Frassati didn´t just dispense pocket money to the poor, reports Wanda Gawronska: "He would do everything for those families-carry them coal on his back to them, find the men jobs, buy them all shoes. Above all he gave them himself."
Charity is Not Enough
Pier also acted to challenge the system that had neglected the poor. "Charity is not enough: we need social reform," he liked to say. In 1919, he entered the Catholic Student Federation and Catholic Action-two organizations that would soon be suppressed by Mussolini´s regime. Frassati also joined Italy´s pro-Catholic Popular Party. Later, Pier Giorgio helped found a Catholic daily newspaper Momento, devoted to spreading Catholic social teaching-especially the principles of Leo XIII´s encyclical Rerum Novarum.
Pier helped lead marches of Catholic youth-a dangerous task in the wild streets of 1920s Italy. The Catholics were attacked by leftist Reds, by the anti-clerical Royal Police, and then by Mussolini´s blackshirts. Frassati fought back in self-defense, landing several times in jail.
When his father´s liberal politics antagonized Mussolini, Fascist "squadristi" raided the Frassati home. Pier single-handedly ejected the thugs and chased them down the street. Pier reassured his friends, "It is not those who suffer violence who should fear, but those who practice it. When God is with us, we do not need to be afraid.´"
Frassati used to say that "God gives us health so that we may serve the sick." He visited invalids in hospitals and at home, bringing medicine and food. In 1925, he contracted polio, which struck him swiftly. He would die in only five days, at the age of 24. As Pier lay on his death-bed, he handed his sister Luciana some pawn tickets to redeem for some poor people. His last note, written with a nearly paralyzed hand, concerned the Converso family, who depended on him to pay for shots.
At Frassati´s funeral, his family was shocked to see more than 1,000 mourners from Turin´s lower classes. These poor, in turn, were amazed to discover the true identity of their long-time benefactor. As Frassati´s story became well-known, it inspired Catholics across the world-including a young Polish student, Karol Woytjla-now Pope John Paul II.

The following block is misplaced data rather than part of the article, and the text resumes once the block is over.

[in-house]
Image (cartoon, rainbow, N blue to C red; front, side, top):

To this day, Frassati´s body remains incorrupt: "When they opened Pier Giorgio´s tomb in 1981, his body was perfectly preserved," recalled one witness. "He had a smile on his face and a rosary in his hands. It was like meeting him for the first time."
Pier Giorgio Frassati was not the son his worldly parents expected-nor was he the somber contemplative many Catholics expect in one called "blessed." Among the mildest of his adventurous habits was smoking a pipe. As the public announcement of his beatification was being prepared, some well-meaning devotees had the pipe airbrushed out of the official Vatican photo. (We reproduce the original, unretouched picture above.)
The truth is that the man Pope John Paul beatified on May 20, 1990, calling him, "a man of the eight Beatitudes," was a pipe-smoker, prankster, daredevil, and lover of God.
It is hard to imagine that He did not approve.
To learn more about Frassati, see his sister Luciana´s book, A Man of the Beatitudes from Novalis Press (see related link below).
Pier Giorgio´s motto: "To live without faith, without a heritage to defend, without battling constantly for truth, is not to live, but to ´get along;´ we must never just ´get along.´"
Reprinted with permission from the February 2001 issue of Faith & Family - The Magazine of Catholic Living. All rights reserved.